This article has been reviewed according to Science X's editorial process and policies. Editors have highlighted the following attributes while ensuring the content's credibility:

fact-checked

peer-reviewed publication

trusted source

proofread

Experimental vaccine appears promising as a preventive of a rare HPV-linked cancer

vaccine
Credit: CC0 Public Domain

An experimental vaccine against human papillomavirus—HPV—appears to be safe, and most importantly, benefits patients who develop a rare airway cancer that manifests as recurrent obstructive growths requiring dozens, sometimes, hundreds of surgeries over a lifetime to keep the tumors at bay.

The tiny phase 1 of only 15 patients has served as a proof of concept, demonstrating that recurrent respiratory papillomatosis, a cancerous disorder of the upper airways, can respond to therapeutic vaccination. The tumors are caused by either type 6 or type 11 human papillomavirus.

Writing in Science Translational Medicine, scientists at the Center for Immune-Oncology, a division of the U.S. National Cancer Institute in Bethesda, Maryland, tackled the problem of recurrent respiratory papillomatosis by testing a vaccine strategy designed to prevent tumor development. Dr. Scott M. Norberg, lead author of the research, writes that the evolving approach is aimed at providing a pathway for the prevention of a condition for which there is no cure.

"Recurrent respiratory papillomatosis, RRP, is a rare, debilitating neoplastic disorder caused by chronic infection with type 6 or 11 and characterized by the growth of papillomas in the upper aerodigestive tract," Norberg writes in the journal. "There is no approved medical therapy, and patients require repeated debulking procedures to maintain voice and airway function."

Norberg added that some people with chronic HPV infection who develop RRP require a mind-boggling number of surgical procedures to maintain near-normal voice and respiratory function. "Patients often require dozens to hundreds of procedures during their lifetime. Unlike other HPV-associated cancers, papillomatous lesions from patients with RRP lack driver mutations, implicating HPV-associated cellular dysfunction as the primary cause of RRP," Norberg noted.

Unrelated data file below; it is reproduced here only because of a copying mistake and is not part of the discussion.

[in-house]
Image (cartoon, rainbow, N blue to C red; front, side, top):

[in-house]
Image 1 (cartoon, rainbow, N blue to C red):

While phase 1 trials are usually seen as a preliminary step before more rigorous clinical testing, this trial's early testing is important because results suggest that therapeutic vaccination can bolster the immune system's defenses against RRP. The finding is seen as a ray of hope for patients and oncologists who have no other than multiple invasive procedures.

Most people are familiar with HPV as the infamous cause of cervical cancer, but chronic infections caused by HPV 6 or HPV 11 can lead to RRP, which is marked by wart-like growths in the upper airways. The only recourse for patients is repeated surgeries that remove the growths but can't address the underlying biology leading to their occurrence. Doctors have been calling for a less invasive method to treat affected patients; now, scientists may be on track with an approach to prevent the cancers altogether.